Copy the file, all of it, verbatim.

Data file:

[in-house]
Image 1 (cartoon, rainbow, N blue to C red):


[in-house]
Image 1 (cartoon, rainbow, N blue to C red):